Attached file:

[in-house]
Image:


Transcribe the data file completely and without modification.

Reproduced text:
[in-house]
Image: